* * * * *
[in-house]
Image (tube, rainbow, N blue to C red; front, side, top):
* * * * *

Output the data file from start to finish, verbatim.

[in-house]
Image (tube, rainbow, N blue to C red; front, side, top):